leading to congestive heart failure? What are the most common etiologies of
diastolic dysfunction? Which would be most likely in this patient?

3.

What is the pathophysiology of the diminished S1, loud S2, and audible S4 and
S3 sounds? What is the most likely source of the heart murmur?

4.

Is there a role for echocardiography or stress testing for this patient?

5.

Identify at least three factors responsible for the patients inability to adhere to
medical regimen? What steps might you take to assure long term adherence in
the future?

6.

What acute medical interventions would you pursue to initially treat the
pulmonary edema?

7.

What pharmacologic interventions should be considered for therapy on a chronic


basis? Which ones have been shown to improve survival for patients with
chronic CHF? Does race have an impact on response to therapy?

A Patient with Fever and Cough


In December, a 71-year-old woman is admitted because of fever and productive
cough. She claims feeling okay until about 4d PTA when she noted the onset of cough.
Initially nonproductive, the cough began to become productive of yellowish sputum
and was associated with left sided chest pain. Two days PTA she noted feeling chills
and had a temperature of 102oF. The fever, cough and chest pain continued over the
next 48 hrs so she came to the Yale Emergency Department. She denied hemoptysis,
weight loss, sore throat, sinusitis, back pain, diarrhea, rash, joint pain or headaches.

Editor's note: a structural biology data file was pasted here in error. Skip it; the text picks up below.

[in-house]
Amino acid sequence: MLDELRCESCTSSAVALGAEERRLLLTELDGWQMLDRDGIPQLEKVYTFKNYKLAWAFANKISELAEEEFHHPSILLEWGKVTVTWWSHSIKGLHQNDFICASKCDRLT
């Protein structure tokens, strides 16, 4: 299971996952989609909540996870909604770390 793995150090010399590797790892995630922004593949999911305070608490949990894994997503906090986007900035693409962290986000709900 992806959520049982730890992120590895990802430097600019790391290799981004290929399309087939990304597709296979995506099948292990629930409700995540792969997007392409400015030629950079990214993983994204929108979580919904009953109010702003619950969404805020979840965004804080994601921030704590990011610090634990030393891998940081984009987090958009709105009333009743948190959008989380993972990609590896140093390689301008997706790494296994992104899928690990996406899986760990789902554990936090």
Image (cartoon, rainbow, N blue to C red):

She has a history of congestive heart failure related to ischemic heart disease that has
been controlled with Lasix, an ACE- inhibitor, and Lopressor. She is a former smoker
but quit 3 months ago when her husband died of lung cancer. She denies alcohol use,
recent travel, domestic pets or any risk factors for HIV exposure. She is a retired
corporate attorney and she lives alone in New Haven.

P.E. reveals a thin woman in mild respiratory distress. T 102.4; R 28; P 120;
BP 128/84; O2 saturation is 89% on room air. SKIN - normal but with decreased
turgor; LN - none palp. HEENT - sinuses nontender; TMs mildly red but no middle ear
fluid; oropharynx is mildly red but no exudate. CHEST - remarkable for splinting to
the left side on deep inspiration. + dullness to percussion 1/4 way up on left side;
decreased breath sounds at left base, but egophony and bronchial breath sounds are
evident as one listens more superiorly on the left side. The right chest is clear. COR RRR without murmurs or rubs. ABD - soft, nontender without hepatosplenomegaly.
NEURO - nonfocal.
LABS:

Na 143, K 4.2, Cl 100, HCO3 29, Cr 1.0, glu 150


Hb 13.8, Hct 39.8, WBC 18.0 (54 segs, 5 bands, 41 lymphs), plts 255K
UA: clear/1.020/1+ protein/no cells or casts
EKG: NSR/normal rate, intervals and no ischemic changes
CXR: nl heart size/left lower lobe infiltrate is present that
obscures the left heart border
Sputum Grams stain: a few PMN, many epithelial cells, and scattered
Gram positive and Gram negative cocci and rods are seen.